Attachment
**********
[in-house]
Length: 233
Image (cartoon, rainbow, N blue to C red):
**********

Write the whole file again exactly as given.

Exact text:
[in-house]
Length: 233
Image (cartoon, rainbow, N blue to C red):